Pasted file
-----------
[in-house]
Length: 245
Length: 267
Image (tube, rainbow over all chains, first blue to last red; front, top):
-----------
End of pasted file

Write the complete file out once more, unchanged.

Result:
[in-house]
Length: 245
Length: 267
Image (tube, rainbow over all chains, first blue to last red; front, top):